General Sir Douglas Haig had not really wanted to fight a battle over the Somme in July 1916: he would have preferred an offensive in Flanders on a different date. Allied strategy, however, called for con­certed Russian, Italian, and Anglo-French attacks upon three fronts, and Haig had to do as he was ordered.

The 1916 German attack on the French at Verdun threw the Allied planning into chaos. As more and more French divisions were sent to protect Verdun, it became necessary for Haig to launch an offensive to relieve the pressure on the French army. What had been conceived as an Anglo-French action turned into a predominantly British one, largely fought by the young men who had volunteered in 1914-15.

Haig’s ambitions for the Somme varied: at times he hoped for a breakthrough, and the return of a war of movement; on other occa­sions he hoped that the battle would wear down the German army, re-
liev­ing the pressure on the French, and softening up the Germans for another offensive that would end trench warfare.

With the benefit of hindsight, various aspects of the British plans for the Somme may fairly be criticised: for example, the battle was probably fought over too wide a front. At times, Haig was let down by some of his junior generals, and over the past century he has carried the can for some of their mistakes as well as his own.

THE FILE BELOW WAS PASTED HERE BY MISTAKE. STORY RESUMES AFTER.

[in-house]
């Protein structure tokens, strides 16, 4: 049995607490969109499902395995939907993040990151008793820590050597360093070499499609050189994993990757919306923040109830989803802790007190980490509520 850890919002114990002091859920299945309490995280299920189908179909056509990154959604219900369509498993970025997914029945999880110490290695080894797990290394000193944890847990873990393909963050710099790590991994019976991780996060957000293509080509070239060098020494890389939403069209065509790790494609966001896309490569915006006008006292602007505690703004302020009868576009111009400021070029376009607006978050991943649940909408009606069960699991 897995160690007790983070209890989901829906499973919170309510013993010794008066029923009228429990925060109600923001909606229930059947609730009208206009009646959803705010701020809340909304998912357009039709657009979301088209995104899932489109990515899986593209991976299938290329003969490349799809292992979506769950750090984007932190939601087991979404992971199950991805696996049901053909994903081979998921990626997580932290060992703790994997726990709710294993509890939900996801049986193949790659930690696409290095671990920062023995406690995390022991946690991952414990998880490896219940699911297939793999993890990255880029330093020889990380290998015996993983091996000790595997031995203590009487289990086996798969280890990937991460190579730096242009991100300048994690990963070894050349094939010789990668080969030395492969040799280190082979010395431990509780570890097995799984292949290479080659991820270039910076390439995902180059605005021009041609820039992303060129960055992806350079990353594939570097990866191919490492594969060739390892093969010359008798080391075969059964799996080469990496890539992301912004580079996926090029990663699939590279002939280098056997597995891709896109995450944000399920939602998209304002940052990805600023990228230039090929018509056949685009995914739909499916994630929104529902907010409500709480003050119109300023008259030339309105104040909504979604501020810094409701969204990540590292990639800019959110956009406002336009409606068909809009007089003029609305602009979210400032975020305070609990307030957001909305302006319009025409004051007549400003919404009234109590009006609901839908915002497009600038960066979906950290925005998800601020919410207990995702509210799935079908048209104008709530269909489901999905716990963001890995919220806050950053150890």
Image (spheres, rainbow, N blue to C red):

By the time the battle finally ended on 18 November 1916, there had been 419,654 British casualties. Quite a high proportion of these were practising Christians, includ­ing ordinands, choirmen, Sunday-school teachers, servers, and so on. The clergy of the Church of England tried to visit the families of those from their parishes who had been killed and wounded, whether or not they attended church. Some­times they had the melancholy task of visiting the same house several times, if more than one man from the family was killed.